- 19 декабря 2018, 22:02
FOMC RAISES TARGET RANGE BY 25BPS TO 2.25-2.50%; AS EXPECTED — Raises IOER from 2.20% to 2.40%
- 19 декабря 2018, 21:48
Despite vociferous criticism from President Trump and some quarters of Wall Street, the FOMC is still expected to announce another 25 bps rate hike today, bringing the target range to 2.25-2.50%. Rising concerns about global growth in 2019 are expected to curtail the Fed’s ambitions for rate hikes next year, however, resulting in a ‘dovish hike’ today. Economic activity is still strong enough to justify a rate hike and the Fed needs to demonstrate its independence in the face of political pressure, but the central bank will make substantive changes to its statement today to show that rates are now near neutral and the future has gotten more uncertain in the face of changing sentiment around tariffs and global growth.
To reflect more caution about additional rate hikes, the policy statement is expected to remove the language on “further gradual increases” today. The November FOMC minutes also indicated that members are contemplating a new guidance statement that conveys the committee is becoming more “data dependent” in determining the policy outlook. That revision could come today or might be a work in progress to be announced at a future meeting. The statement will likely continue to say that risks to the economic outlook are “roughly balanced”, but some of the recent injection of uncertainty may be reflected in the commentary about the current economic environment.
Assuming the 25 bps hike in the key rate, the Fed is also expected to raise the IOER by only 20 bps, which would be the second 5 bps tweak after a similar one in June. That would take the IOER to 2.40%, leaving a 10 bps cushion under the top of the new Fed funds target range.
There has been some speculation that the Fed could consider slowing “quantitative tightening” by slowing the rate it is reducing its balance sheet. Bond maven Jeffrey Gundlach has noted that the amount of quantitative tightening undertaken to date is equivalent to another 50 bps of rate tightening. It doesn’t seem likely that the Fed would go to this extreme today, given that it’s stated goal for the balance sheet unwind to “operate in the background,” but it could be a future consideration if the Fed finds it needs more firepower.
The other outlying theory is that the Fed could keep rates on hold today. The arguments against this are that markets could take it as a signal the Fed sees dark clouds ahead and it would weaken the Fed's independence over the appearance of giving in to pressure from politicians. A dovish dissenting vote could give some solace to the 'no more hikes' theorists, but the Committee has been voting unanimously all year.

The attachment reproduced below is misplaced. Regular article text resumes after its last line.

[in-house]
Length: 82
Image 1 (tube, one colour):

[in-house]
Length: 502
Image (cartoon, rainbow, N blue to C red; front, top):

Updated SEP and Dot Plot In support of a ‘dovish hike’ today, the updated Summary of Economic Projections could trim growth expectations for next year. Inflation projections for 2019 may be tweaked lower too, reflecting the recent drop in oil prices.
The Dot Plot could be a primary tool for conveying a more dovish tone. The last update forecast 3 rate hikes in 2019, so it is expected that the Fed dots will trim that back to 2 hikes. That would bring the Fed forecast into better alignment with Fed funds futures – which are not fully pricing in even 1 hike for 2019 – while still showing more tightening could occur next year if the economy stays on track.
Chair Powell’s Press Conference Assuming there is a ‘dovish hike’ today, Powell will have to use the press conference to explain his rapid dovish turn. After declaring in October that we are a long way from ‘neutral’ and rates may go past 'neutral', just over a month later Powell said that rates are “just below the broad range of estimates of the level that would be neutral for the economy.
Powell will be working to wean the market off of forward guidance, while expressing some uncertainty about the future and creating flexibility for rate policy in 2019. Ultimately that means emphasizing that the Fed is going to be “data dependent” now that rates are in the vicinity of the ‘neutral’ range. The fact that the Fed Chair will hold a press conference after every FOMC meeting going forward will contribute to that policy flexibility, making it clear that every meeting is ‘live’ for meaningful policy changes. Powell is bound to be asked again about the yield curve flattening. Though he has indicated previously that he is not deeply concerned about this potential recession signal, he may be willing to say today that the Fed is monitoring the yield curve more closely given other uncertainties.